More on Website Design


Tim J. Smith, PhD
Founder and CEO, Wiglaf Pricing

Published May 7, 2002

While some design firms produce nice looking sites using Flash, these same techniques force limitations that call their value into doubt. Specifically, the limitations affect search engines, multi-windows, and CAP technology.

On the search engine front, web crawlers and search engines have difficulty finding text within web sites that rely heavily upon frames, Flash, and other advanced tools. ( Businesses use websites as a touch-point with their audience. When audiences search for a business, they resort to common search engines like Google or Yahoo. Unfortunately, frames and Flash sites are difficult for the search engines to list and sites that are heavily dependent upon these techniques will have a lower ranking within the results of a search. Hence, fewer visitors will discover the businesses with heavy Flash sites.

The second issue is one of multi-windowing. In using browsers with low download speeds, it is often more efficient to open five windows at once when looking for information. For instance, I like to open the About, Services/Products, and Contact pages all at once, in separate windows, when doing firm level research. (Right click, Open in New Window command.) Then, I might open a few more pages in new windows to see if I can find out about the details of the product or management team. I noticed that in web sites designed exclusively in Flash, such an activity is not possible. This greatly slows my acquisition of information and decreases my desire to research the firm.

The third issue is with CAP technology, AKA “Cut-And-Paste.” Often, readers of web sites would like to capture a sentence or graphic and reference it in a document. With Flash sites, the method for grabbing text and pasting it within Word isn’t obvious. Users can’t easily cut and paste text to an email for spontaneous communication. Hence, if a site visitor wanted to share some information, that information would have to printed-out in its entirety and hand delivered.

Yet, throwing the baby out with the bath water isn’t the right answer. For example, BuzzBait’s customers have taken a more conservative approach to using some of the advanced tools in websites. Their clients use design and Flash skills to make a small portion of their website. This enhances the aesthetic of the site while leaving the bulk within standard HTML protocol. Overall, it is easier to use for us plebes with 56 K dial up lines.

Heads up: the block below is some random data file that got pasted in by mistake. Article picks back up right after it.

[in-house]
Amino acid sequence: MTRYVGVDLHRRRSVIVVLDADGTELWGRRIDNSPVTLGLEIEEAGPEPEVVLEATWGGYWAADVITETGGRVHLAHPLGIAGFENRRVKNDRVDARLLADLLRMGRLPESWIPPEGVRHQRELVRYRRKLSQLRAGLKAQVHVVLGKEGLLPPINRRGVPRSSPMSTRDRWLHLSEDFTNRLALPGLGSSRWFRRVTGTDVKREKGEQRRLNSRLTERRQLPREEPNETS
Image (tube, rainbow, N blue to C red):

Someday broadband will come, but even broadband won’t solve all of the problems of Flash sites.

The May Report, TECH BUSINESS BRIEFS, May 7, 2002

Posted in:

About The Author

Tim J. Smith, PhD, is the founder and CEO of Wiglaf Pricing, an Adjunct Professor of Marketing and Economics at DePaul University, and the author of Pricing Done Right (Wiley 2016) and Pricing Strategy (Cengage 2012). At Wiglaf Pricing, Tim leads client engagements. Smith’s popular business book, Pricing Done Right: The Pricing Framework Proven Successful by the World’s Most Profitable Companies, was noted by Dennis Stone, CEO of Overhead Door Corp, as "Essential reading… While many books cover the concepts of pricing, Pricing Done Right goes the additional step of applying the concepts in the real world." Tim’s textbook, Pricing Strategy: Setting Price Levels, Managing Price Discounts, & Establishing Price Structures, has been described by independent reviewers as “the most comprehensive pricing strategy book” on the market. As well as serving as the Academic Advisor to the Professional Pricing Society’s Certified Pricing Professional program, Tim is a member of the American Marketing Association and American Physical Society. He holds a BS in Physics and Chemistry from Southern Methodist University, a BA in Mathematics from Southern Methodist University, a PhD in Physical Chemistry from the University of Chicago, and an MBA with high honors in Strategy and Marketing from the University of Chicago GSB.